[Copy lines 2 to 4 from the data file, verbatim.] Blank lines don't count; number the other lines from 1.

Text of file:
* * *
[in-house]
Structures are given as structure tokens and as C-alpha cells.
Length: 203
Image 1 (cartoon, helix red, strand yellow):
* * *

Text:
Structures are given as structure tokens and as C-alpha cells.
Length: 203
Image 1 (cartoon, helix red, strand yellow):